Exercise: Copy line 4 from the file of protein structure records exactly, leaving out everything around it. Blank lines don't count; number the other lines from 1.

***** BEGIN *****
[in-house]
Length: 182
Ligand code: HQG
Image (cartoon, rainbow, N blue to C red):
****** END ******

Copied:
Image (cartoon, rainbow, N blue to C red):